What part of the holidays do you look forward to the most?

Could you believe that there is a portion of the population on your campus that does not look forward to the holidays very much?

An American student’s preparation for the break involves making plans to catch up with friends and family back home, booking tickets for fun trips and activities with people they love, making or shopping for gifts, and getting ready to participate in the multiple anchoring rituals of Thanksgiving and Christmas. 

In contrast, the international student prepares for the holidays by wondering how to eat while the school cafeteria closes over the break, and figuring out how to overcome the challenge of  loneliness as many of their American friends are away for an extended period of time. On top of this, they have to navigate feelings of sadness as they miss their families back home, while simultaneously being bombarded with posts about celebrations on social media that they aren’t a part of.

In fact, the holiday season can be one of the most isolating experiences in an international student’s life.  By virtue of their distance from their home countries, internationals cannot be with the most important aspect of the holiday season ~ their families.

…the holiday season can be one of the most isolating experiences in an international student’s life.

Cynthia Dobbs

On the college campus the nations are our neighbors. As people who carry the mandate to “love our neighbor,” how can we love our international friends through the holidays?

Here are five practical ways to offer Kingdom hospitality, as Jesus’ hands extended into the lives of the internationals on your campus.

  1. Swap stories of holiday celebrations with your friend.

            Do you know the biggest holiday in your international student’s home country? Ask them. Invite them to coffee or a meal and make the topic of conversation all about them and how they celebrate their favorite holiday back home. Give them the opportunity to share memories about friends and family members that are close to them. In the absence of loved ones, remembering them is cathartic, especially when it is accompanied with reciprocal sharing. Once they’ve shared, share with them some of your favorite things about the holidays. Funny stories, or family customs, things you observe like everyone else and things unique to your family, or anything related to the holidays are fair game. Paul tells us to share not just the gospel but our own lives (1 Thessalonians 2:8); this activity allows us to share life with our international friends. 

  1. Invite friends to come WITH you to celebrate thanksgiving or Christmas. 

            Whether it is a church celebration, a Friendsgiving, or your family’s holiday celebration, invite your international friend to come along with you. During the event make sure you are available to be with them. Ask questions, and expose them to new dishes, rituals and traditions as they experience the festivities with you. Anticipate any questions they might have. Prepare them for what they might see, eat or experience. Remember to celebrate with them instead of just preparing the event for them.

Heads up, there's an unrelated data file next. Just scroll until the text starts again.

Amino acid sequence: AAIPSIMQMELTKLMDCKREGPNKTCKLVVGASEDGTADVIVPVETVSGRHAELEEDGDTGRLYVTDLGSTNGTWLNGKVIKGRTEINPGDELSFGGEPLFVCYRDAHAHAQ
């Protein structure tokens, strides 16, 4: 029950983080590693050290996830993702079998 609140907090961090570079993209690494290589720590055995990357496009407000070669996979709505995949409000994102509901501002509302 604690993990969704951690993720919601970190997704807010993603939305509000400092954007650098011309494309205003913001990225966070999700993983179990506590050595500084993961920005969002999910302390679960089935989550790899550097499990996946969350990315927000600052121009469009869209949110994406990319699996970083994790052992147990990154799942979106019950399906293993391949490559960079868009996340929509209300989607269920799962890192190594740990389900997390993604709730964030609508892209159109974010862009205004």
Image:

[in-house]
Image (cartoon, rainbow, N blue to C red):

1. Share your favorite holiday tradition with your friend. 

The holidays offer so many opportunities to have an immersive cultural experience. How you celebrate the holidays is a point of great interest to internationals. Invite your international student friend to experience your favorite holiday tradition with you. Putting up Christmas lights, making Christmas ornaments, shopping for or cooking a thanksgiving meal, making gingerbread 

houses, and watching holiday themed movies are all excellent ways to include your friend. Is there something not on this list? If it’s your favorite holiday thing, invite an international friend to do it with you. 

  1. Think personally not programmatically 

        It is easy to take the route of taking your international student friend to a corporate celebration designed for them. Many Chi Alpha’s have Thanksfest celebrations. Outreaches to the nations can even take an international flavor during the holiday season. While these are wonderful and necessary, individuals tend to get lost in the shuffle. How do you follow up with your international friend after an event? 

Think about your international student friend and the specific challenges they’d face over the holiday season and create ways to alleviate their specific challenge. Make plans to keep in touch over the break. Help them troubleshoot navigating a closed campus and the needs that cannot be met as they used to be when classes were in session. Be available, and let the Holy Spirit lead you to be a life-giving influence in the life of your international friend. 

  1. Invite your friend to church or Chi Alpha celebrations

Find ways to share the meaning behind Christmas and Thanksgiving. Sometimes the commercial nature of Christmas can overshadow its true meaning. Invite your friend to attend a church service or a Chi Alpha celebration. Candle light services, New Year’s Eve services, and other celebrations can be the spark that ignites questions about the reason why we celebrate. God might use this opportunity to provide an effective witness to the good news of Jesus through these events. 

With intentionality, and thoughtfulness we can become the best neighbors to the nations among us this holiday season. 

Which one of these 5 ways will you try in order to extend kingdom hospitality to the nations this year?